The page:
Multiple measures of sleep patterns and sleep efficiency are associated with lifetime diagnoses of mental illness, according to a new study that used wrist accelerometer data to track sleep. The study was published in the journal PLOS Medicine by Shreejoy Tripathy of the University of Toronto and the Centre for Addiction and Mental Health (CAMH), Canada, and colleagues.
Sleep problems are known to be both symptoms of and modifiable risk factors for many psychiatric disorders. In the new study, researchers collected data on 89,205 individuals participating in the UK Biobank study who wore accelerometers on their wrist for seven days between 2013 and 2015. The accelerometers were used to generate objective data on sleep timing, duration, efficiency, and variability. Data on psychiatric diagnoses – including schizophrenia spectrum disorders, bipolar disorder, major depressive disorder, and anxiety disorders – as well as other health and sociodemographic information was available for all participants, who ranged in age from 43 to 79 and were 56% female.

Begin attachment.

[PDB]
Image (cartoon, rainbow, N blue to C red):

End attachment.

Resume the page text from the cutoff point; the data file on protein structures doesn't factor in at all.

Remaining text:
The researchers found striking trends when they examined the associations between the sleep measures and inpatient psychiatric diagnoses. Each diagnosis was associated with a mean of 8.5 of the 10 accelerometer-derived sleep measures. Measures of sleep quality, such as sleep efficiency, were generally more affected by psychiatric diagnosis than measures of sleep duration. Effect sizes were small; the largest magnitude effect was observed for the association between sleep efficiency and major depressive disorder. Associations were replicated across ancestries and sexes.
‘Our findings provide a rich clinical portrait of the ways in which sleep can be disrupted across individuals with lifetime mental illness,’ the authors say. ‘This work showcases the capacity of accelerometry to provide detailed, objective sleep measurements at scale, even across cohorts of tens of thousands of individuals.’
The authors add, ‘This work showcases the power of wearable devices to provide fine-grained information about how sleep is disrupted in mental illness.’